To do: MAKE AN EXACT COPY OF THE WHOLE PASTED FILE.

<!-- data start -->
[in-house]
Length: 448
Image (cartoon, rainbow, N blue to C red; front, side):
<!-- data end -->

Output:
[in-house]
Length: 448
Image (cartoon, rainbow, N blue to C red; front, side):